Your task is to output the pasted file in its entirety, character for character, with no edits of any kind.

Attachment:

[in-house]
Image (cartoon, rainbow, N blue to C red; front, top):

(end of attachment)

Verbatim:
[in-house]
Image (cartoon, rainbow, N blue to C red; front, top):